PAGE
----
Whitmer Orders Line 5 Shut Down, Cites Repeated Violations of Easement
Governor Gretchen Whitmer has ordered the shutdown of the Line 5 Pipeline, which runs under the Straits of Mackinac.
Friday, the Governor moved to revoke an easement granted by the State in 1953 that allows Enbridge, the pipeline’s owner, to operate at the bottom of the Straits.
Whitmer, along with DNR Director Dan Eichinger, cited the Public Trust Doctrine which entrusts the State of Michigan with protecting the Great Lakes, and Enbridge’s repeated violations of the easement as grounds for the actions.
State officials contend Line 5 is a “grave and unreasonable risk” to the state’s residents and natural resources.
The pipeline is now required to be shut down permanently 180 days from now, on May 12, 2021.
This comes after Michigan Attorney General Dana Nessel filed a new complaint in Ingham County Circuit Court, seeking to revoke and terminate the 1953 easement.
The new lawsuit will bring claims in addition to Nessel’s lawsuit filed in 2019 seeking the shutdown of Line 5.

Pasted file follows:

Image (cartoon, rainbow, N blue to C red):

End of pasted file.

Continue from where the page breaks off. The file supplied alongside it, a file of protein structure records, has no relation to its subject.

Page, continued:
Despite the actions, Enbridge will continue work toward starting its tunnel under the Straits, by applying for permits related to the tunnel.
That, however, is the subject of Nessel’s lawsuits.
The plan was announced toward the end of Gov. Rick Snyder’s time in office.
At the time, both the company and the Snyder administration said the tunnel would capture any spilled oil.
Responding to Friday’s news, Enbridge said there was “no credible basis” for Whitmer’s action.
“Line 5 remains safe, as envisioned by the 1953 Easement, and as recently validated by our federal safety regulator,” said Vern Yu, the company’s president for liquids pipelines.
The company added that shutting down Line 5 would cause shortages of crude oil for refineries in Michigan, Ohio, Pennsylvania and eastern Canada, as well as propane shortages in northern Michigan.
It also would boost shipments of oil by rail or truck, Enbridge says.